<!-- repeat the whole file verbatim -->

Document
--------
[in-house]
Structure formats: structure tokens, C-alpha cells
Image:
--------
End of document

[in-house]
Structure formats: structure tokens, C-alpha cells
Image: